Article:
Troubling iMac

A few months ago I bought a shiny 20" iMac. While the initial impression was good, I was not happy after the trouble I had installing Leopard and certain incompatibilities it brought.

Just when it seemed things were settling down I've got the system just dying on me after opening a large (120MB) PDF file. The screen turned black and then the system rebooted spontaneously. Another computer was on at the same time and it did not experience any problem, so I do not think that was because of a power spike.

Today, when I started the system there was a multilingual message in a centered dark square telling me to press the power button for several seconds to shutdown the system (neither the keyboard or the mouse worked). I have never seen that image before (but I failed to take a photo), it contained the message in Japanse too. It happens to be an OS X kernel panic.

When I powered on the system again I heard the welcome sound and next two beeps and then three beeps that repeated over and over again. It did not sound good. A quick check on the net (using other computer, of course) showed that 2 or 3 beeps signal RAM memory trouble (mine is the original RAM that came with the system and because of the cool and compact format of iMac is not user serviceable).

I removed the computer power cord for some seconds and then I connected it back to try again: No changes, same sequence of sounds; no joy.

Having nothing to lose I removed the power cord again and I applied some of my frustration through my hands (i.e. more than gentle taps to the system). After reconnecting the power the system booted up as normal. My guess is that the RAM is not properly seated on the socket. I'll be paying attention to see if something weird happens again.

Now I'm going to hunt for some memory test software.

Update: Thanks to Jesus coments (and this page) I realized I was wrong: My iMac does have two memory slots that are easily accessible by the user by removing two screws on the bottom part of the screen. Not sure the trouble was caused by memory though, as several diagnostic attempts gave no indication of memory faults. Anyway, if the problem happens again now I know I can access the system's RAM memory.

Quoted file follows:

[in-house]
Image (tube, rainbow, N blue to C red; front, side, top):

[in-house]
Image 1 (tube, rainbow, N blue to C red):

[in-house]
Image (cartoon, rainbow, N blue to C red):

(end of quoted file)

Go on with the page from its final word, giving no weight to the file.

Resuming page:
Hiroshi Ikeda said…
This seems related to a hardware problem, maybe memory, maybe hard disk. Anyway give a try to the Apple Hardware Test (it's in one of the systems cd, boot with the cd on the iMac pressing the C key or the Alt key).
Good luck.
Miguel Sánchez said…
Thanks a lot.

I'll try this out.

I do not think I'm buying another Mac anytime soon though.
Jesus said…
Hello Miguel:

What a bad luck!!!

Try the hardware test...

It sounds a memory problem....

Miguel Sánchez said…
When I made my buying decision I was a bit frighten of buying a computer with no user serviceable parts.

Now my worst fears seem to have become true.

Re-sitting (or replacing) RAM memory takes 5 minutes and no skills on another computer, but opening an iMac is a bit of a challenge (I do not have the suction cap yet) and it voids your guarantee.

It is said that good judgment comes from bad judgment :-)
Jesus said…
Hello again:

To reseat (o replace) the computer memory, you must only work in two screws...It is no necessary to open all the computer...The screws are located under the screen...

If you want to open the new imac then it is no easy and (as you tell), you need the suction cap to remove the main screen glass...

Miguel Sánchez said…
Unfortunately the only RAM in my iMac is the factory-installed 1GB SODIMM located inside the guts. The extension socket in the bottom of the screen is easy to access but empty at the moment.

Anyway, after discovering diagnostics on OS X 10.4 install disk are obtained by pressing D key, the system seems quite happy about the memory. Both the long and the short memory test agree that memory is now working properly.

I'll keep my fingers crossed (and maybe I'll look for that suction cap once the guarantee period is over :-)

Thank you for all your help.
Jesus said…
Hello Again:

Are you sure of that?

I was looking for how to change the RAM slots in your computer and I found this from Apple web site

You can see that your computer has 2 slots

It seems (but I am not sure) that you have an empty slot and a slot with 1 GB of RAM.

Please check this, because if you read the Apple document carefully, it talks about how to change your RAM or HOW TO REPLACE IT

I think that all the RAM is user serviceable (but not the graphic card)

Miguel Sánchez said…
You are absolutely right. All system RAM is user accessible. I did not know that because I never opened the memory cover before. Somehow I assumed that like a laptop the memory it comes with was inside the "difficult" area.

I have updated my post accordingly too.

Thanks a lot for the help,

Jesus said…
Hello again:

I'm glad to hear that...

In fact, in my Mac (an Imac Late 2006), two screws must be unscrewed. In your Mac, it is necessary to unscrew only a screw

About, the laptops...Apple laptops have the same system several years ago...

As far as I know, now the only Apple computer with memory no serviceable is the MacMini...I have a Mini, and I bought with 2 Gb of RAM (not from Apple, because is too expensive ) to avoid any opening problem.

If you want to open your Mac, check this:

Jesus said…
Hi again:

I forgot it :) , the new Macbook air has also a non serviceable memory

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